Nowinski knew that his brain was failing him, but he wasn’t sure just why. He went to see a series of specialists, including, ultimately, Bob Cantu, Bedford’s brain bank neurologist. Cantu suggested Nowinski was suffering the aftereffects of his head injuries and warned him about the dangers of CTE.

“I think Chris was so alarmed that so few people, even knowledgeable people, knew about [CTE] that he made it his life’s mission to understand concussion,” says McKee. “He wants people to understand the consequences of repetitive traumatic injury in sports.”

Nowinski dedicated himself to supporting research in CTE. He spoke with Cantu and with Bob Stern, a neuropsychologist, and in 2007, they encouraged him to meet with the person they convinced him was the best neuropathologist in the country: Ann McKee.

“One of the primary goals was to partner with a top-tier academic medical school to continue pathology studies,” Nowinski says. “But the research wasn’t being done to a standard that I believed was necessary to create change and find the cures that are needed.”

Nowinski, McKee, Stern, and Cantu formed a partnership to study CTE, and in the two years that they’ve been working together, they’ve found increasing evidence related to the disease. Cantu, according to McKee, “is the world’s leading expert on concussion,” while Stern studies the behaviors that lead to CTE, and McKee autopsies the deceased to find physical evidence. Nowinski uses his influence with other athletes and their families to spread the word on CTE and encourage brain donation, especially among former football players.

Throughout 2008, Nowinski convinced the families of several NFL players who died that year to donate those players’ brains to McKee’s lab: former linebacker John Grimsley, who died at age 45 after five years of cognitive decline; offensive lineman Tom McHale, who also died at 45; Wally Hilgenberg, who died at 66 in 2008 after having been diagnosed with ALS; offensive lineman Louis Creekmur, who died at age 82 after more than twenty years of dementia. All of them were found to have the widespread tau deposits characteristic of CTE.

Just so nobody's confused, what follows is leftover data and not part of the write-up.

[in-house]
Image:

“Every athlete whose brain Dr. McKee has studied who’s played more than ten years of contact sports has been diagnosed with CTE,” Nowinski says, which is not good news. At thirty-two, he can already see dark times coming. “I’d be naive to think that there’s not a good chance CTE is in my future,” he adds. “Statistically, it’s virtually guaranteed. The question is, how bad is it going to be, and is understanding it going to make it easier on the people around me?”

Defining a Disease

Currently, however, the group’s focus isn’t on treatment so much as on figuring out just how to recognize CTE in living individuals. The only means to reliably diagnose the disease is through autopsy, and no one, Nowinski points out, takes a disease seriously if it can only be recognized in the dead.

“Part of the problem is that until you have diagnostic criteria, you don’t really have a disease,” he says. “Nothing will be approved by the [Food and Drug Administration] or [Centers for Disease Control]. It can be a tough road to travel, but we’ll get there eventually.”

And so McKee’s work is only the first stage in combating CTE. As she collects the physical evidence of the disease’s effect on the brain, Stern and Cantu are trying to find ways to recognize those same signs in live athletes.

“We didn’t know what we were looking for before,” McKee says, “and the autopsies sort of laid it out: this is what this disease is. Now we just have to be able to look for those changes while the person is still alive.”

Stern is currently leading a longitudinal study of some three hundred athletes from around the country. All of them have agreed to donate their brains to McKee’s bank for study after they die, but that isn’t the primary focus of the work. “They’re young guys, so I certainly won’t be seeing most of these brains,” says McKee. Instead, the athletes are responding to regular surveys to monitor their injury history and to track their mental functioning.

Further, a subset of twenty athletes — ten with a history of traumatic brain injury and ten without — are undergoing more intensive study, including regular neuro-imaging tests, such as magnetic resonance imaging scans, and giving cerebrospinal fluid for chemical analysis.